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Is There a Primal Face of Pain? A Methodology Answer.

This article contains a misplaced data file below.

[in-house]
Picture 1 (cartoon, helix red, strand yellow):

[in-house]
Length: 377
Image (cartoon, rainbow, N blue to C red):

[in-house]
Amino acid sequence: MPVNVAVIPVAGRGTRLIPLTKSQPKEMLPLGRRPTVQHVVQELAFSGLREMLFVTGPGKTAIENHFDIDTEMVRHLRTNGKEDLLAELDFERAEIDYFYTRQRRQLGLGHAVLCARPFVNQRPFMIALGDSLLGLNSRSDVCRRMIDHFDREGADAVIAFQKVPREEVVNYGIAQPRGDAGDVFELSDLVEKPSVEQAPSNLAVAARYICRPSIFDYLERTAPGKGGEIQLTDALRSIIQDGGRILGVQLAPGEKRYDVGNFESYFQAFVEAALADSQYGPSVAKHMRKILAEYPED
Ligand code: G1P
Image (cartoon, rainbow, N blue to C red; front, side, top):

Pain assessment is of high priority in the clinical setting. Facial Pain Scales (FPSs) are pain assessment tools generally used with school-aged children. The implicit theoretical bases for the success of FPSs have seldom been explored. Explanations why and how FPSs work (or do not work) have not been addressed. We support the existence of a universal pain expression--the Primal Face of Pain (PFP), which is present at birth, evolved in nature, and modulated through sociocultural factors. We propose it to be key in understanding the applicability of FPSs. We present here the design of a computer-assisted descriptive study that will observe, quantify and model the PFP as present in newborns. Measurement of the PFP will lead to exploration of the theoretical consequences of its existence, particularly as related to pediatric pain assessment and the valid use of FPSs. Further, this work can lay a foundation for the development of a new generation of FPSs.